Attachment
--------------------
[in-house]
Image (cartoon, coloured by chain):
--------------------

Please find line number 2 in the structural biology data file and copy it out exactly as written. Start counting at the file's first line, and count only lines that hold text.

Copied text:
Image (cartoon, coloured by chain):